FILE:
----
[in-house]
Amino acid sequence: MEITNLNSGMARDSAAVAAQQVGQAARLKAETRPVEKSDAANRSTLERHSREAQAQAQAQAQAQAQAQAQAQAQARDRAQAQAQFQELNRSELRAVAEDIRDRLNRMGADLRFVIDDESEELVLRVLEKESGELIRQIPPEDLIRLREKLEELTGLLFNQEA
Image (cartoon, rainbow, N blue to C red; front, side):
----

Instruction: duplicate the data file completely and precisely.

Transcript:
[in-house]
Amino acid sequence: MEITNLNSGMARDSAAVAAQQVGQAARLKAETRPVEKSDAANRSTLERHSREAQAQAQAQAQAQAQAQAQAQAQARDRAQAQAQFQELNRSELRAVAEDIRDRLNRMGADLRFVIDDESEELVLRVLEKESGELIRQIPPEDLIRLREKLEELTGLLFNQEA
Image (cartoon, rainbow, N blue to C red; front, side):